MIL-OSI USA: News 02/23/2021 Senator Blackburn Reintroduces End Child Exploitation Act

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US Senate News:

Source: United States Senator Marsha Blackburn (R-Tenn)

Washington, D.C. — U.S. Senators Marsha Blackburn (R-Tenn.), Catherine Cortez Masto (D-Nev.), Maggie Hassan (D—N.H.), and Josh Hawley (R—Mo.) along with Representatives Anthony Gonzalez (OH-16), Annie Kuster (NH-02), Guy Reschenthaler (PA-14) and Lucy McBath (GA-06) reintroduced the END Child Exploitation Act legislation designed to extend the period of time that technology companies are required to preserve information about child sexual abuse images they report to the National Center for Missing and Exploited Children (NCMEC).  

 “Children are increasingly living their lives behind screens, and the jarring reality is this leaves more innocent kids at risk of online exploitation,” said Senator Blackburn. “We need to give law enforcement the tools to investigate these crimes and collect the evidence needed to hunt down online predators.”

“Since my time as Nevada’s Attorney General, I have worked to strengthen laws to protect survivors of child trafficking,” said Senator Cortez Masto. “The legislation we’re introducing today will provide our law enforcement with the authority they need to better investigate online exploitation and hold perpetrators accountable. I’ll always stand up for Nevada’s children, and I look forward to continuing my work with our law enforcement community to protect children from traffickers.”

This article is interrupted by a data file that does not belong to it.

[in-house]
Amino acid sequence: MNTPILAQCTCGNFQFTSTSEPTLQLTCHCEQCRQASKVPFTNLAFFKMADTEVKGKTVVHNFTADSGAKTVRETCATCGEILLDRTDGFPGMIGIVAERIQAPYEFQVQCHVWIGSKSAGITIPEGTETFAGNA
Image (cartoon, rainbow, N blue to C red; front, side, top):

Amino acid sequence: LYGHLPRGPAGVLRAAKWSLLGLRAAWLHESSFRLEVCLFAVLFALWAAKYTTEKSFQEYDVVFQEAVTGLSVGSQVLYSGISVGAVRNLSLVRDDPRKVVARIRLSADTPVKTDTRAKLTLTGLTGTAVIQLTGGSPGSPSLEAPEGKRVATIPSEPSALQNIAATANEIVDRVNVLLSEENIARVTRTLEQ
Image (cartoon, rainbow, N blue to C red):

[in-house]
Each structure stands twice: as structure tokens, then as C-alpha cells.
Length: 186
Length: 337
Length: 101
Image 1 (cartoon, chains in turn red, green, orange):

“Criminals who abuse and exploit children must be held accountable to the fullest extent of the law, and this bill will help give law enforcement additional time to investigate these crimes,” said Senator Hassan. “Especially given that reports of child abuse online have gone up during the pandemic, we must move forward with this bipartisan bill to help crack down on sex trafficking and protect children.” 

“This bill will help law enforcement and tech companies effectively combat the scourge of child exploitation content online,” said Senator Hawley. “In a season when millions of Americans are reliant on the internet for so many of their daily needs, safeguards like this one could not be more timely.”

“The spread of child sexual abuse material online is heinous and cannot be tolerated in our society,” Rep. Gonzalez said. “As technology continues to advance, law enforcement needs the investigative tools to adequately respond. The END Child Exploitation Act will aid law enforcement by providing them more time to work with data being gathered by technology companies. I thank my colleagues for joining me in introducing this bill and addressing this issue that effects every single community in our country. We must do more to prevent the spread of this material online, and the END Child Exploitation Act is a simple legislative fix that can help keep our communities safe.”

“Ensuring the safety and wellbeing of children in New Hampshire and across the country is one of my top priorities, and we must do more to safeguard them from exploitation online,” said Rep. Kuster. “I am proud to help reintroduce this commonsense, bipartisan legislation to help law enforcement and technology companies respond to child sexual abuse images, hold perpetrators accountable, and protect Granite State children and communities.”